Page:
Brenda Barnes

Once again it's profits before people. While mental illnesses do need to be treated, the treatment must not be worse than the disease itself. NAMI and APA should be ashamed of themselves for refuting the study. It's not only the costs, its the SEs.*
A 4 year study should be proof if it's valid.
How was the study performed? That may make a difference in it's accuracy.
SEs side effects.

There is a fantastic book about how the health care non-system hypes profits and drugs, damn the costs and regardless of any benefit over current treatments.

Hope Or Hype
Richard Deyo & Donald Patrick, MDs
1601 Broadway, New York NY 10019
0814408451 $24.95 1-800-250-5308

Why are Americans obsessed with medical miracles? In Hope Or Hype: The Obsession With Medical Advances And The High Cost Of False Promises, two doctors who are experts on ethical and policy issues in the medical world examine the false premises and promises the medical community makes to consumers, from pharmaceutical and equipment companies eager to promote new technologies and cures to physicians and hospitals too quick to prescribe costly medicines or surgeries. The hazards of such unnecessary treatments are provided within an overview of the drug and medical industries as a whole.

Thank You Ben. I look forward to seeing your comments on the Michigan Algorythm Project coming here soon.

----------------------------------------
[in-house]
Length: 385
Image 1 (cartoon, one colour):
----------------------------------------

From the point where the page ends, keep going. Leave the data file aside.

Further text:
Persons seeking to form an antipsychiatry group in Central Indiana U.S.A. may contact me through Ben.

Dear Ben,
This is a great article and should be circulated all over the world especially to "Parents Magazine", "New Mother" and all school systems. I hate psychiatry/pharmaceutical rackets and all the fraud involved with these criminals. After ten years of babble and repetitive garbage rehearsed to us I know this is just a form of Genocide and the damage that happens even after only a week can ruin the family, the human being drugged and all the quality of life for anyone involved.


Excellent article!

For those who'd like to now connect the dots between Big Pharma, their drugs, schools and our children, here's well-researched information about TeenScreen.

Hello Ben:
I just thought I'd let you know that I've created a companion blog to my first one and I've linked this article among several others. Much thanks for your investigative work.

Spiritual Emergency

Spiritual Recovery

I hope that the family whose child is on an atypical antipsychotic will get the child OFF as soon as possible. Perhaps the most heartbreaking thing to see is the spread of the lethal atypicals - first to people with mental illness, many of whom now have diabetes, some of whom are now dead - dying before the FDA got around to placing a warning on the label for diabetes, hyperglycemia, and death - then the elderly being given them off-label (gotta keep those people with dementia and Alzheimers drugged and quiet, until they die of heart attacks and strokes). And now, perhaps the most vulnerable population of all, or at least the only one left to push drugs on to, children. I got a letter from one mother who said her boys had been given over time about 12 different psychotropic medications and that they had MORE THAN DOUBLED their body weight on Zyprexa. The Pharma is a big selling machine and a death machine: Over 100,000 people die every year from pharmaceutical drugs.

I lost a member of my family and my life will never be the same. And I will never stop fighting back.